Bruichladdich 10 Years Old The Laddie Ten 50% NV

€ 74,38 (ex Vat)
90,00 (in Vat)
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Distillery Bruichladdich
Bottler OB
Serie Second Limited Edition
Bottled for X
Distilled date 2001
Bottling date 17.10.2011
Country Scotland
Region Islay
Age 10
Cask Type X
Cask Number Barcode 618105005297
Alcohol percentage 50
Volume 0,70
Condition In Original Container
Label Perfect
Stock 1

Professionele reviews

BOW (87)

Tasting Notes by Jim McEwan, head distiller;

Character: Dream fulfilled. Rich and assertive with that unique creaminess of the Laddie. The non chill-filtered spirit drifts serenely over the palate, warming the taste buds. It is going to linger with you as long as malts twice its age.
Colour: Golden Medium Amber Honey Tone
Nose: Precursor to the flavours you will find on the palate: first, a combination of honey and a zing of fresh lemon. Then fresh, estery air bubbles of banana, ,apricot, peach and ripe cantaloupe melon. The backdrop is a hint of the warm, ocean breeze blowing over the sand dunes and shore meadows alive with the waft of wild flowers - Hebridean harmonisation. Given time, and a splash of spring water, the sweet oak brings light vanilla with a hint of nutty chocolate, with the crispness of warm, crusty, freshly baked bread.
Palate: The mellow, oak sweetness is welcoming as are hints of bourbon and gingerbread, sherry and sultanas; and as they move on, there are the lighter, icing sugar-coated fruits. It’s fresh and frictionless, the texture of warm honey - then dry, crispy, malt barley; together with the oak they merge beautifully to cradle the lighter flavours, adding the strong pulse to our long awaited Laddie!
Finish: It’s exceptionally long for a 10 year old thanks to the natural oils from the malted barley still in the spirit. This is critical for the mouth feel and aftertaste, it begs the question – why do distillers remove the very essence of the spirit?
Mood: Expansive. Generous. Sharing a sunset over Lossit beach. It’s a breath of Islay, a rare and precious union of nature and centuries old skills. It has the same passion as that of ‘the men who saw a shining light and thought that they could turn it into a dream’ 10 years ago.

Serge Valentin (88)

A vatting of bourbon casks with a little sherry wood thrown in. No finishing/enhancing this time, it’s plain and pure Bruichladdich. This baby was obviously distilled in 2001 and will soon hit most shelves. Colour: gold. Nose: what strikes first is a fresh cleanliness that’s not without reminding us of the old 15 from the early 1990s. It’s also rather more maritime than other recent Bruichladdichs, with whiffs of sea breeze and then touches of lemon balm and pine sap and moss. Also a little vanilla and then more lemon zests. It’s maybe not the deepest nose ever but the freshness is impressive. Mouth: well, it’s more a ‘palate whisky’, because the attack is quite fantastic, very lightly salty but with a lot of vanilla fudge, barley sugar, icing sugar and orange drops. Lollipops? Excellent fruitiness, perfect body and a lot of pleasure. Finish: long, still vibrantly lemony, with a little more oak, pepper and ginger in the aftertaste. Comments: this whisky is a pleasure to see – and to taste. In my opinion this is Bruichladdich’s true milestone whisky. Together with Lagavulin 16, I’m afraid it’s my now become my favourite ‘entry-level’ Islayer but beware, this is dangerously drinkable because of the exciting freshness and citrusy notes. Highly recommended, and it’s not expensive at all.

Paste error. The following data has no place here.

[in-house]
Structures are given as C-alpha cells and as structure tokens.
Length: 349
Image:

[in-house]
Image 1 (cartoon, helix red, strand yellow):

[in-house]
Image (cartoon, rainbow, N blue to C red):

Gal Granov (84)

Nose: signature mini "baby vomit" that can not be mistaken for any other. After a few min in the glass almost vanishes and gives way to violets, and the gentlest peat with hints of seaside (brine).
Palate: starts with some wee peat covering a few sherry notes. Malty, and sugary with creamy texture and vanilla highlights. spicy bits of ginger cookies. Wee metal note as well and used tea bags.

Finish: delicate wood , spice(ginger) , and citrus. This is a good whisky period. It’s young, but quite complex, it feels a bit older by a few years. very drinkable. The nose is good, and the palate is much better, with a fair finish. Is it amazing? No. Is it bad? Of course not, It’s very good. But not stunning as I’ve expected it to be. I don’t regret having a bottle of this, it’s very drinkable and will keep me company for some time i am quite sure. A young good whisky, i see no reason to rate it in the 90’s. Lower 80’s is a good place to be. If we’re talking younger Laddies I prefer the PC line with the amazing 6,7,8 year olds.

OTHER (86)

Whiskynotes.be

Nose: clean but not at all light or immature. It has a fruity core of citrus and banana, with a dollop of honey. It shows lots of coastal aromas, a little damp wood and hints of lemon candles. In the distance there’s also liquorice and tiny medicinal notes. A faint hint of toasted malt. Nice Islay character (albeit not exactly peaty) and fairly aromatic.

Mouth: quite bold and flavoursome, on maritime notes, brine, pepper and ginger. Balanced by a vague sweetness of gingerbread and raisins. Drier and oakier towards the end.

Finish: long, back to salty, herbal and softly bitter notes.

Certainly an above average entry-level bottling. We can only assume future standard expressions from the new Bruichladdich will be excellent.

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